SOMETIMES THINGS fall into place so neatly as to be scarcely noticed. But I have never let myself forget the good fortune in discovering a simple savoury that we served to every customer from the first night of our restaurant in Tuscany in 1979 until Jennifer Hillier shut the doors on the Uraidla Aristologist seventeen years later.
The cheese savouries became minor celebrities, and various recipes have popped up in magazines and the internet over the years. Oddly enough, no-one seems to have revealed our source, until now.
To quote a recent correspondent with this blog:
Hi Michael – way back when living in Adelaide, I visited several times your lovely Aristologist restaurant in Uraidla – and so often reflect on the wonderful food that came to our table. I was wondering if your recipe for those lovely ‘cheese aperitifs’ that greeted us at the table as we began our evening was available in any publication? Sitting here in London on a grey morning, with this awful virus being the latest ‘panic’ we are facing, I was thinking how lovely it would be to be guided as to how to rekindle the taste buds with these lovely ‘bites’. If you could send me in the right direction, that would be wonderful.
with warmest wishes
A quick online search showed up this version, “Grown-up grilled tomato and cheese sandwiches” on the blog of Mardi Michels, now living in Toronto, and who admitted she first ate them “at the legendary Uraidla Aristologist restaurant in the Adelaide Hills, where I was fortunate enough to dine a few times when I was way too young to really appreciate it”.
That’s Mardi Michels’s photo, here. She wrote about them again as “Croque Monsieur bites”, which is the photograph at the top. We only ever grilled them draped in grated cheese.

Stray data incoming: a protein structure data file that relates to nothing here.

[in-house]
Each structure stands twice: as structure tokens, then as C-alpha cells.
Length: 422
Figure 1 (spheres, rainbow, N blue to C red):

On the night before we opened the Cantina di Toia, we were still desperately seeking something to serve with a glass of the Fattoria de Bacchereto’s vin ruspo, the local, fresh, light, rosato-style wine that makes an excellent aperitivo. The best Sydney restaurant back then – Tony and Gay Bilson’s Berowra Waters Inn – would open with something with a glass of champagne. If such a welcome was good enough for them, it was good enough for us. Like them, we offered a fixed price meal (with several choices), which we thought of as a “licence for generosity” (a description Gay agreed with).
In desperation, where does a person turn? We loved Paolo Petroni’s serious local recipe book, but wanted something less familiar for our customers. Italians scarcely knew even basic French things like quiches, let alone the Antipodean Pavlova (both of which we served). So, I checked out Elizabeth David, Jane Grigson and Mastering the Art.
It was in this last that I found “Croûtes [Toasted Bread Cases]” on page 222 of the Penguin paperback edition. The selected filling became “Fondue au Gruyère [Cream Filling with Swiss Cheese]”, two pages later. I presume that was the original filling – in my head, it’s just a thick, white, cheese sauce. A béchamel, if you will.
To summarise our method: we purchased white, unsliced “supermarket” bread a day or two early (slightly older is easier to handle). Take off the crusts, then cut into approximately 4cm-thick slices, which are divided both ways, to come up with cubes. Next, the tricky bit. After doing this countless times, I became committed to a perfect, little, sharply pointed knife, with which I hollowed the cubes out exceedingly neatly. Brush with melted butter, and crisp a little in the oven until pale gold.
Meanwhile, you will have made a thick white sauce. That is, heat flour and butter in a saucepan to make a golden paste, add milk, slowly at first to stir out even the possibility of lumps. Add grated cheese. Following Beck, Bertholle and Child, we “enriched” with an egg yolk or two. (Did we grate in nutmeg? – not sure.) Fill the cubes, covered with a pinch more cheese, and brown them in the hot oven.
Think that’s right, Jill! It’s many years since we made them. But you now have the source recipe.